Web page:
A baby panda in Japan has survived its crucial first 30 days, zoo officials said Wednesday, as fresh video showed the cub at one month old.
The female panda was the first to be born at Tokyo's Ueno Zoo in five years.
The rare birth delighted animal lovers and businesses keen to cash in on the excitement that the panda generated.
Footage released by the zoo shows the cub being weighed and measured by zoo keepers.
She is visibly bigger and has clearer black-and-white colouring compared to an earlier release.
But the panda barely moved, except when yawning and falling asleep.
At 30 days, she tipped the scales at 1,147.8 grammes (2 pounds, 8 ounces) and measured 29.5 centimetres (11.6 inches) in length.
"She's steadily growing," zoo director Yutaka Fukuda told reporters.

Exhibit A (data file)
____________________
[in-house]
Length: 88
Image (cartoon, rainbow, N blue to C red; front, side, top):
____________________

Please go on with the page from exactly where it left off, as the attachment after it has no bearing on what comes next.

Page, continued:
"The first month since birth is an unstable period. I think we were able to get through this difficult phase."
The baby panda's mother, Shin Shin, who mated with male Ri Ri in February, had given birth to another cub in 2012—the first time at the zoo in 24 years—but the baby died from pneumonia just six days later.
"We'll remain vigilant and keep an eye on the baby panda," Fukuda said.
The zoo is monitoring her and mother Shin Shin 24 hours a day with an expert visiting from China, officials said.
The Tokyo government will on July 28 begin soliciting ideas from the public to name the panda, the zoo said.
It is estimated that fewer than 2,000 giant pandas remain in the wild, in three provinces in south-central China.
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